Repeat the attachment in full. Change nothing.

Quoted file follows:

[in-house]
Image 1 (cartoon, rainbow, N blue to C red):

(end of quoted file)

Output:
[in-house]
Image 1 (cartoon, rainbow, N blue to C red):